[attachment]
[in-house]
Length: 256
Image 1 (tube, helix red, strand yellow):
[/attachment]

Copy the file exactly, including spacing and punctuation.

[in-house]
Length: 256
Image 1 (tube, helix red, strand yellow):